- SSL offloading
- VHost-based load balancing, so you can specify individual VMs for your application
Kubernetes allows you to define a target number of pods using deployments. To trigger auto-scaling, you can also define resource metrics thresholds, such as CPU or memory utilization.
Mesos continuously monitors the number of containers and schedules a container on another slave node if it fails. It doesn’t natively support auto-scaling using resource metrics, but there are some community-supported components.
Kubernetes supports non-persistent, ephemeral volumes like emptyDir, configMap, downwardAPI, and CSI ephemeral for short-term storage.
It also supports persistent storage (file or block), including iSCSI, NFS, FC, and cloud storage like those available in AWS or Azure. Applications running on Kubernetes-hosted containers don’t communicate directly with storage, as Kubernetes abstracts the layer.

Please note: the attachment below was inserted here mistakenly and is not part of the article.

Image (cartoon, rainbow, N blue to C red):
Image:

Mesos supports persistent local storage on reserved resources for stateful applications. Containers must run on the same node because the volumes are created locally on the node.
Mesos supports persistent external storage, but bypassing resource management makes quota control, reservation, and fair sharing challenging to enforce.
Kubernetes allocates unique IPs to pods, removing the need to map container ports to the host port. It operates a flat network, with one network for pods and another for services. Pods can communicate freely with other pods and services. IP tables control connectivity between pods and handle most networking and port forwarding rules.
Mesos supports two types of networking: IP-per-container and network-port-mapping. Containers don’t get their IPs by default, but using the Calico integration gives every Mesos container its own IP. This prevents port conflicts, removes the need for dynamic port assignment, and allows DNS A-record-based service discovery. Containers are unable to communicate with each other on a local host.